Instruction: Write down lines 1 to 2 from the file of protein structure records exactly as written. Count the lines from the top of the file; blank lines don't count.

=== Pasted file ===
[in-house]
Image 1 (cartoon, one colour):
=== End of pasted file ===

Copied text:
[in-house]
Image 1 (cartoon, one colour):